Archive for 'families'
family portrait. there are so many ways to create them. i’m halfway obsessed with those of the past – the formal stiff everyone in their best clothes staring back with a blank expression – and those of today that reflect a family’s personality, a time & place that is now. so during a session a few weeks ago, well rather before the session scouting around the area for interesting vignettes – i saw this ramp leading down to a parking garage. the slope, the angles, the geometry of shapes – well i had an idea of a family lineup. and that’s what we did. i think this format leads to an image that is a little different but no less meaningful or fun. and unique.
the longer i go at this, the clearer i am on creating a street documentary format for portraits. personally i like the blend of work that results & not only does everyone have a great time, there is an openness & trust that makes the session more of a creative experience. while i do mix in portraits, i’m always taken with the others that surface – ones that are little pieces of art that just happen to include the client. this past weekend, i had the opportunity to photograph a family – four kids, two parents. with all the kids in other states, it’s the rare occasion they are all together at one time. so, we started out at a pub near Faneuil Hall (one the parents had their first date in) with pints and appetizers. And then made our way around Quincy Market. while we had to move fast (it was freezing out), we did it in a way that made for a lot of laughter despite the wind & the chill. and the best compliment i received was a hug. from them all. and a thank you for a wonderful experience. (i learned later, that everyone was dreading the experience so they were happily surprised with how things turned out.)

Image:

to say i am happy with them is an understatement. truth is, i’m in love with a lot of them. they are beautiful and real, visceral, and filled with connection. and i’m sold on this type of offering because everyone walks away with a lovely memory – one that’s expressed as art.
it moves me to see a unique connection within a family…and this one is deeply bonded in affection, care, respect, admiration, appreciation & love. it’s visible expression that i physically felt. i am so thankful we wove these in & wanted to share a few… hopefully i’ve posted in time for them to see before the holiday festivities begin….
h/m – you are beautiful and you have incredible children!
Let the beauty of what you love be what you do. There are a thousand ways to kneel and kiss the earth. (Rumi)
where does one begin with such loveliness…beauty that fills one up with happiness that has everything to do with the shine of the mum & what glows from within. this was a lightful, loveful, playful, happiful, rompinful day (i’m on a making up word roll here) that took place in well cared for yard (tx to jodi & bill) & finished in a surprising find – an old graveyard set in a breathtaking setting behind a church down the street. the light was the prettiest so far this summer. there were so many to choose from that i’m breaking this down into two parts….the ones that hit my soul – those silent, still poetic ones – i’ll share another time.
loud & unrestricted
fleeting & revered
we meltdown in safety
never ending tomorrows
Selecting one image from a session sounds pretty straightforward…and acclaimed wedding photographer Jeff Ascough makes it look so effortless. I’ve followed his Photograph of the Week series for almost a year as his insights are inspiring & informative, & his thoughts around his choice for Week 41 relate well to a recent session & one’s ability to notice.
“It’s the ability to notice, study and observe combined with an eye for light and composition that makes you a photographer…”
I won’t profess to have arrived in terms of the discipline & trust this requires, but it is part of my thinking at every session. Which brings me to the Selected from a recent children’s session. I wanted to get a few of mother/daughter interacting without me in their face and sort of hid alongside and behind the refrigerator. In looking at the scene, I noticed the reflection in the refrigerator and positioned myself to place the emphasis on the mother’s face. The image really shows the real day-to-day of a wonderful mother who spends a lot of time playing with her little one. The other two I’d wanted going in were ones showing her lovely eyelashes (love this angle for children) and profile (bonus that she was at her crib).